Package Runs Package installs flawlessly Package installs but with some minor things needed Package does not run or requires too much to work.
  Overall Feel of Package Package is easy to navigate due to amazing documentation. Package is able to be navigated but not as much documentation to make it easier. Package needs to be explored with little guidance available

Project 2: Shiny Project

Individual Aspect

  1. Go to the Shiny website.
    • Explore the gallery of Project ideas.
    • Follow the Tutorial
    • Go through this Walkthrough by Dean Attali
    • To show you have done this, create a simple app that takes a standard normal statistic and displays the probability of achieving that value or greater in a standard normal distribution. In other words it takes a (z) value and gives a p-value.

Group Aspect

  1. As a group your first task will be to come up with an idea for a Shiny app and to write the code for this. In order to facilitate this more I will provide some structure.
    • Your app must allow a researcher to use their own inputs.
    • Your app must display some type of interactive user interface aspects.
      • For example - Normal Calculator: In this app I created depending on where the researcher wants to shade the normal distribution different boxes will pop up after the researcher makes a choice.
    • You app must display graphical as well as statistical output.
    • Your app must not be created copying code from an example app that is out there.
      • We want to make sure you are not plagiarizing. In the Normal Calculator app I provided, it appears similar to the DistCalc app from the shiny gallery, however the code behind it comes from my own code and graphing work that I have done in the past. None was copied or pasted from another Shiny app.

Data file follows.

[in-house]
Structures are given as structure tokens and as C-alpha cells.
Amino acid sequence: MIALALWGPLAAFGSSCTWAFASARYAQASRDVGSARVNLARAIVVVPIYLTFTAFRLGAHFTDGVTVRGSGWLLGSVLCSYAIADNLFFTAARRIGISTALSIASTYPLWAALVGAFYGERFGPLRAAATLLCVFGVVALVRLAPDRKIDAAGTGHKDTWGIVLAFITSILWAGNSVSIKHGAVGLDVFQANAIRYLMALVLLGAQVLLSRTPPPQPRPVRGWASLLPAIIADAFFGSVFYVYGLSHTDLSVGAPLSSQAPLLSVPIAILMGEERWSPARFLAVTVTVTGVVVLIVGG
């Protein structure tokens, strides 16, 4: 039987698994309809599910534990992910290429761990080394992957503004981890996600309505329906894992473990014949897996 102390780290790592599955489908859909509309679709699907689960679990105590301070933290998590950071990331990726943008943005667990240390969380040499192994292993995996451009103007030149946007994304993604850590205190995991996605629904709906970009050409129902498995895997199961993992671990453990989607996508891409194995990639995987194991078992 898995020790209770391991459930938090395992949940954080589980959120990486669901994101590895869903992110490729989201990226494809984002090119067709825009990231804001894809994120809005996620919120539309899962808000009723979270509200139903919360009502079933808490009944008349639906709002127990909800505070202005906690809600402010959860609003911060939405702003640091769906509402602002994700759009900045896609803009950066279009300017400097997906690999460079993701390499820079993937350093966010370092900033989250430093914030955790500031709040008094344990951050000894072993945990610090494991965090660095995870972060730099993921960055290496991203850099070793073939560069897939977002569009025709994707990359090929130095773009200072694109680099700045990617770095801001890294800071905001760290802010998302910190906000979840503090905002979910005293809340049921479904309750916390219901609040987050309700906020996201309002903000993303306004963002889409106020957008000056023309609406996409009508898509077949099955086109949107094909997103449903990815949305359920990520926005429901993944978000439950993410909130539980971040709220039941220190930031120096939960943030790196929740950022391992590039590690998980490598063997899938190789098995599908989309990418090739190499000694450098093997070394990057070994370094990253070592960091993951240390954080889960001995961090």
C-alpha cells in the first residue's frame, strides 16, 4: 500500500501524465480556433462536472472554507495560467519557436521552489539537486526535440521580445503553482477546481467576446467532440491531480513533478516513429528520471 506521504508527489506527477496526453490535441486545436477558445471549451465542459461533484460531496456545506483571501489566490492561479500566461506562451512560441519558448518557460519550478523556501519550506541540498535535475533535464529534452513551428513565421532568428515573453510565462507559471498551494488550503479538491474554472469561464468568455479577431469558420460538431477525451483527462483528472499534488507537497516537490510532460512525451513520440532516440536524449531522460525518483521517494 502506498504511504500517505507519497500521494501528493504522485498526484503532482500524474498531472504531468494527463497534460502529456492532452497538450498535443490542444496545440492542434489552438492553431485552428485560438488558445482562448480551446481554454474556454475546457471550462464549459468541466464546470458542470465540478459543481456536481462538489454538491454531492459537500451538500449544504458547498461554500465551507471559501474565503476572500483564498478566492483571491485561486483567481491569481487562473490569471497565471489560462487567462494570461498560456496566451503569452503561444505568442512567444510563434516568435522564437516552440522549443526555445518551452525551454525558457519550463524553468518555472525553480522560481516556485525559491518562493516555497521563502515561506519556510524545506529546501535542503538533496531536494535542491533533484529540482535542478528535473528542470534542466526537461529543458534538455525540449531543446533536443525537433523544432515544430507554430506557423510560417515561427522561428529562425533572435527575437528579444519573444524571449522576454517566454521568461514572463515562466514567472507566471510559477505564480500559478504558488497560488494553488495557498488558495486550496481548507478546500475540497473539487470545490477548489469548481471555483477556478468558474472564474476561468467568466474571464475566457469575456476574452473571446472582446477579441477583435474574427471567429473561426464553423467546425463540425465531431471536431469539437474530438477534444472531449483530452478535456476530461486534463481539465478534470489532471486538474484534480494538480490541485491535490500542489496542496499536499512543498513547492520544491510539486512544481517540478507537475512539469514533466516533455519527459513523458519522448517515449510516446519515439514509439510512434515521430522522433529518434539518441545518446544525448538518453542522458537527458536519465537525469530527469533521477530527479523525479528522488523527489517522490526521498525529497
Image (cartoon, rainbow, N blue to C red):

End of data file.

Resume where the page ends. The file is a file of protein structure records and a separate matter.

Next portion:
• Your app must function properly and be useful.
    • Your app must run quickly and not be bulky.
    • Your app should be easy to use or contain detailed instructions.
  2. Go through all of the past Shiny Apps created in PHP 2560
    • Go into the code and download all of the necessary packages to make them run.
    • Run them using the commands in the README.md file of the repository.
    • You can use the code from these to help you.

Dates of Importance

  1. 11/29/2017 - 12/05/2017
    • During this week you will be learning how to write a shiny app.
    • Your calculator must be in a single file format.
    • Must be done individually.
    • Form a group of 3-4 people and have an idea of what kind of app you want to create by this date.
    • Provide me with an explanation of:
      • What your app will do?
      • How do you see it being used?
      • What types of options might you try to included for the user.
    • If you are struggling with ideas check this out
    • Project Starter Code
  2. 12/06/2017
    • Bring a rough copy of your app to class.
    • We will spend the entire class working on Apps.
  3. 12/16/2017 at 9:00 AM
    • We will take this last class to explore the apps together.
    • Each group will briefly discuss their app and show how to use it.
    • Presentations must be concise and display usage of the app.
  4. 12/21/2017
    • Final App due to me.
    • You must have your final app in either a 1 or 2 file format.
    • Provide an explanation of how it is to be used and discussing the creation of it.
    • Detail the parts of the app you did individually.
    • Submit form on grading your group members work and contribution to the project.

Rubric For Shiny Project

Grade Category Points
Tutorial/ Simple App 10
App Idea and Explanation 10
App and Presentation 70
Group Evaluations 10

Recall Rubric From Above.